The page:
Being connected will mean an increasing amount of technology is added to items that previously may not have contained electronic and electrical equipment. This will mean that the amount of WEEE will increase in the future. As products become more sophisticated, it can create additional complications. Smart clothing from biometric training wear to shirts or jackets that allow you to pay with contactless technology are already available. What happens to these at end of life? The usual routes for re-use and recycling become more infinitely more complex.
We’re also using more advanced materials. I’m the proud owner of an electric car, however the dashboard is made from carbon fibre, a fantastic light and strong material but one that has no economical end of life solution.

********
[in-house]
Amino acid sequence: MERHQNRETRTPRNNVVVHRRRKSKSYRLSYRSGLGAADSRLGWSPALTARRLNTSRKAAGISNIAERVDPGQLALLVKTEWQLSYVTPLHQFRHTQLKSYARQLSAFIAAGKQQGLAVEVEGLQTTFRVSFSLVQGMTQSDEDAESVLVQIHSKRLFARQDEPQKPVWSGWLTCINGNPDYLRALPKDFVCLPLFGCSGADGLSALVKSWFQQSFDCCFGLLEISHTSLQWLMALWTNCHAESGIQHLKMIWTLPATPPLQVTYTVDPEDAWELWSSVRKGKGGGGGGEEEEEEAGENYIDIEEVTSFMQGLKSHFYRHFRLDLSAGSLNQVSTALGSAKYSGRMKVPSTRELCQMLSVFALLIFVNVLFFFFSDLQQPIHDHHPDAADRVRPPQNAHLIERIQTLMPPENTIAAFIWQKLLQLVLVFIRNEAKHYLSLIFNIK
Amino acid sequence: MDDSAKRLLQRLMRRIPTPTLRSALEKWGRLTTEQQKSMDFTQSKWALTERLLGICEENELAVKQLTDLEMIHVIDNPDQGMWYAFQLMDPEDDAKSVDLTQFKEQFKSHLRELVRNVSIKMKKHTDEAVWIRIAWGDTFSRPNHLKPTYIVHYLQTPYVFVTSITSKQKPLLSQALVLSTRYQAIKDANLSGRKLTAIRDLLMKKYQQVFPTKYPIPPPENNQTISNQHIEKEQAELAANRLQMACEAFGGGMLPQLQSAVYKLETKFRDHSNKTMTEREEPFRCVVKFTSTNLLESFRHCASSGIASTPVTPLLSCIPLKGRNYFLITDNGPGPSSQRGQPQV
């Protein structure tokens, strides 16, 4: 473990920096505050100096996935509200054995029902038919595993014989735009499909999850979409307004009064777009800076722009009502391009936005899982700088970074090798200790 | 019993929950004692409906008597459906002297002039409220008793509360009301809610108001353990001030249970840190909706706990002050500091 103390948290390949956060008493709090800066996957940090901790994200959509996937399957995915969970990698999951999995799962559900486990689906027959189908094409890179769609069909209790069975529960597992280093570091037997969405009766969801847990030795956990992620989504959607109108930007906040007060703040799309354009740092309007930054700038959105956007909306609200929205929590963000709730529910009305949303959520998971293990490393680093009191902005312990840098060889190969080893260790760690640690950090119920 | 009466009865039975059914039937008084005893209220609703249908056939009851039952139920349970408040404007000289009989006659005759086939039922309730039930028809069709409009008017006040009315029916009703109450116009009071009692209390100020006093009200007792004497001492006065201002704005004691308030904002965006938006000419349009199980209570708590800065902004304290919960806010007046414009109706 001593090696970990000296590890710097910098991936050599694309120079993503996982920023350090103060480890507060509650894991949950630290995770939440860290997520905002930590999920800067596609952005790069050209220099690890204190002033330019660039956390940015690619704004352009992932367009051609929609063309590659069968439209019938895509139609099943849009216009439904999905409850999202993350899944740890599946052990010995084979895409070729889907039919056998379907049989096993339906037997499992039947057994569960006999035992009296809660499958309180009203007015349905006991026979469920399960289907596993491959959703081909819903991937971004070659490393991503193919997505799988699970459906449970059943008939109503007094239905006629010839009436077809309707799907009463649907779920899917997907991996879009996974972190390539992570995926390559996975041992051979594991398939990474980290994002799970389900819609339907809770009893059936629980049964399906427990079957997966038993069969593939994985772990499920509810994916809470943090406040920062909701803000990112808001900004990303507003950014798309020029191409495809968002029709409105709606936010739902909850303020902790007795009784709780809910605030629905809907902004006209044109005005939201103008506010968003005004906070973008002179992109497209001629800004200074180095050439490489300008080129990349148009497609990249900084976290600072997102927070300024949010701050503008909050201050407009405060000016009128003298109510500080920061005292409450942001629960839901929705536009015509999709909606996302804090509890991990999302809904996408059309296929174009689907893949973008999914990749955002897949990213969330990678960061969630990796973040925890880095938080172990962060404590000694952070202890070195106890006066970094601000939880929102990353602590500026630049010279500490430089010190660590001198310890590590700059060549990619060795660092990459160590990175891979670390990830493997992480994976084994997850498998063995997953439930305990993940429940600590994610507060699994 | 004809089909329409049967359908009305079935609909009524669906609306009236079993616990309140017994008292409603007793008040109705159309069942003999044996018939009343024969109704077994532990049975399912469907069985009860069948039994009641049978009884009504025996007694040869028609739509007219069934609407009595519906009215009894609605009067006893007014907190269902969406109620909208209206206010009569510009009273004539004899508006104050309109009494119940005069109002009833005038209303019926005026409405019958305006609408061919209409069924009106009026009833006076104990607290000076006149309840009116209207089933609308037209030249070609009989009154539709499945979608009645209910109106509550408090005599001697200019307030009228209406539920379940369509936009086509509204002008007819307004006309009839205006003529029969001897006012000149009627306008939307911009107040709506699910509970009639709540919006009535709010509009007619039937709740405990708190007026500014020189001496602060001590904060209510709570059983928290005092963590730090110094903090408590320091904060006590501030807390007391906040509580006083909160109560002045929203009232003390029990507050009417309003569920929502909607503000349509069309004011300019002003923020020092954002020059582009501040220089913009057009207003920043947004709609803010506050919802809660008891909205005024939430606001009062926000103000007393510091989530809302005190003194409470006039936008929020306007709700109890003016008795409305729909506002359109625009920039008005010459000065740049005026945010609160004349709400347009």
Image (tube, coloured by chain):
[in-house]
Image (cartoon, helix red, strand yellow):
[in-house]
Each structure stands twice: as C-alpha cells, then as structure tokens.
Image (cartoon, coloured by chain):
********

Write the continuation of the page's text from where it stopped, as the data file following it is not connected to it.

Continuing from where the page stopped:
There are a huge number of opportunities for the waste and resources sector within Smart Cities. The challenge for the sector is to be at the heart of the discussion so that we can inform thinking, share our data, encourage sustainability and raise awareness of the issues that waste causes. Unless we’re an integral part of the discussion we will continue to clean up after society rather than maximising value from the materials that can’t be re-used or recycled.
If you have any questions regarding the issues raised by the above article or would wish to understand how they impact your organisation, then please contact Sarahjane Widdowson at Ricardo Energy & Environment (firstname.lastname@example.org)